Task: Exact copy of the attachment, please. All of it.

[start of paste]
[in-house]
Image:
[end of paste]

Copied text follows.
[in-house]
Image: